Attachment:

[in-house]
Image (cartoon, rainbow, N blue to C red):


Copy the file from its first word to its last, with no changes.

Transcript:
[in-house]
Image (cartoon, rainbow, N blue to C red):